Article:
I've quickly come to understand that the couponing world is full of rules, both written and unwritten. As the coupon gurus have taught me, one of the most important rules is carefully reading and adhering to the fine print on coupons, so before we get into coupon planning and shopping trips, let's talk a little about coupon fine print.
Things You Might Notice...
- Expiration Date - This tells you the last possible date you are able to use this coupon in stores. After that date, it will no longer be accepted by retailers. You'll find the expiration date at the top of the coupon.
- Do Not Double or Triple - Some grocery stores will "double" a coupon by matching the discount amount. Some coupons, though, specifically state that the store should not double the coupon. If you have a coupon for $0.40 that states, "Do Not Double," and you bring it to a store like Kroger where they double up to $0.50, don't expect the extra savings, though sometimes, these coupons will automatically double anyway.
This coupon specifically states that retailers should not double it. It expires on 1/31/2012.
- Limit of ____ Like Coupons Per Shopping Trip - Read this number carefully. Procter & Gamble coupons almost always state a limit of 4 like coupons per trip. This rule is in place to limit hoarders, who would come with dozens of like coupons in hand, ready to clear a shelf of sale items. If you want to use more than four of the same exact coupon, you'll have to go to another store or come back another time.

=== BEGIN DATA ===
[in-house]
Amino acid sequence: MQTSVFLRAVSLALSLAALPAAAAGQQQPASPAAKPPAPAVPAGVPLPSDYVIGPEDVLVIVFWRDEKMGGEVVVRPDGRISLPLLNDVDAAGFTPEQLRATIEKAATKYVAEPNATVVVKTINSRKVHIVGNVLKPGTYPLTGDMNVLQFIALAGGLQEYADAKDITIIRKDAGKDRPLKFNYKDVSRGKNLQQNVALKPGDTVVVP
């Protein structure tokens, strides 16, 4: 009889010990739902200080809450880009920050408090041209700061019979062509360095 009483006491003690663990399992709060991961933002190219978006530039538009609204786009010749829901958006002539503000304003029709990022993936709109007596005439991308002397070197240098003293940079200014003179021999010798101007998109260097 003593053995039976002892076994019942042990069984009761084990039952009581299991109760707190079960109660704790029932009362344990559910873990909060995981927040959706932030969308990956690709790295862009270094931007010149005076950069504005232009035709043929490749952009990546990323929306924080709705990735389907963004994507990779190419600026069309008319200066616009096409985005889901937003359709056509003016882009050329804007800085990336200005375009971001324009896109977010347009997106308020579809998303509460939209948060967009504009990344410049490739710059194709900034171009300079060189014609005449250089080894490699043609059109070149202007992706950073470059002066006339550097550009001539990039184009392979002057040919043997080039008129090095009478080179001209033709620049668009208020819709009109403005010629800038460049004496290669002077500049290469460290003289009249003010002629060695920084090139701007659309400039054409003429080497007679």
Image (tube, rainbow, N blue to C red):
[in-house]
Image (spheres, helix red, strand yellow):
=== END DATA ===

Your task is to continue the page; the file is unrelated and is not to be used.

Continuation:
- Limit One Coupon Per Purchase - This DOES NOT mean that you can only use one coupon for your entire cart or basket. This wording means that you may have one coupon per item (purchase). If I am buying two bottles of the same shampoo (two purchases), I am allowed one coupon for each bottle. If I am only buying one bottle, I may not use two manufacturer coupons.
- Limit Open Coupon Per Transction - This statement means that you may only use ONE of the coupon each time you pay. If you want to use more, you will have to pay and ring up a separate transaction. I have seen limits like this when using Target store coupons.
- Words indicating the number and type of product that must be purchased - Some coupons will, for example, specify that the coupon is for $1.00 off two or three of the same product. When using such a coupon, be sure to buy the stated number of products, or the coupon will not go through.
This coupon indicates that you must buy two boxes to save $0.75.
- Exclusions - The coupon might state specific items that cannot be discounted using the coupon. A common exclusion is trial sized items. It seems that many companies have become privy to the fact that shoppers were scoring tons of free items by using $1 and $2 off coupons on trial sized items, like toothpaste, shampoo, and laundry detergent. If a coupon does not state a size restriction, you can technically use the discount on any size product.
If you look carefully at the bottom right corner , you'll see that this coupon excludes trial size items. Funny thing is, I found this image on a site that was telling readers to use it to score a free trial size lotion. Tisk, tisk. :)
Some of these rules might seem a bit ridiculous, but misuse of coupons is a major reason many stores are cracking down and limiting coupon use. If you want to continue (or start) saving, it would be best to be a rule follower! :)